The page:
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Fixing Acoustic Foam Tiles

Discussion in 'Room Acoustics / Studio Design' started by Sean G, Jul 27, 2015.

  1. Sean G

    Sean G Well-Known Member

    I recently replaced the acoustic treatment with some new acoustic tiles in my home soundroom.
    These are strategically placed such as first points of reflection, etc also four centred on the main oposing wall followed by a line either side along the centre at evenly spaced intervals, also some corner bass traps.
    While they look great, I find that due to not wanting a permanent fix I went for the option of using an adhesive velcro option so not to damage the paint on my 50 year old plaster board (ie drywall) walls.
    Each tile is around 500mm x 500mm (30 inches x 30 inches in old world terms) and I am using approx 4 to 6 inch strips on all 4 opposing sides of the rear of each tile.
    This has led to an ever constant battle with gravity which eventually wins in the end.
    While the adhesive velco loves the drywall (although I'm most likely going to need a hairdryer to softten the adhesive first should I ever have to remove it so not to damage the paint surface of the wall), the acoustic foam tiles not so much due to the open cell foam composition....
    Is there a solution anyone could recommend that would be a semi-permanent fix to this rather trivial yet annoying first-world-problem which sees me having to pick up and re-attach a couple of tiles every time I enter my sound room?
    Any advice would be much appreciated.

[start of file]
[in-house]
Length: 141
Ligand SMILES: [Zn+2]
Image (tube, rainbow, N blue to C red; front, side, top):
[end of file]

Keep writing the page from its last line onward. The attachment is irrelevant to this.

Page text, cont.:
2. Kurt Foster

    Kurt Foster Distinguished Member

    staple cardboard to the wall and then glue the foam to the cardboard. when you want to take down the foam just pull the cardboard off.
    i80mediagroup and Brien Holcombe like this.
  3. Sean G

    Sean G Well-Known Member

    Thats not a bad idea Kurt...
    Thanks for the reply.
    -Sometimes the answer is staring you in the right face but you need a freash pair of eyes to see it.

  4. i80mediagroup

    i80mediagroup Member

    I've done exactly that. It works out pretty well. Every couple months things will get a bit loose on the back of the foam and I'll have to add more glue.
  5. Kurt Foster

    Kurt Foster Distinguished Member

    Scotch 705 spray adhesive works. it will never come off! lol ....
  6. Brien Holcombe

    Brien Holcombe Well-Known Member

    That....and a piece of bardboard on the foam with a french cleat to support it all.

  7. Brien Holcombe

    Brien Holcombe Well-Known Member

    Oh...and the additional air space will increase the frequencies that the absorber will perform at. Increase meaning going lower in the domain.
  8. Sean G

    Sean G Well-Known Member

    Well I took Kurts' advice and stapled cardboard slightly smaller than the tile to the wall and then used an adhesive spray (its called 777 here in Oz) to adhere the tiles to the cardboard.
    Its such a relief to not have to walk into the soundroom and not have to pick up one or two tiles from the floor before starting anything else.

    Thanks to all for the advice, now I can spend my energy on the creative side of things.

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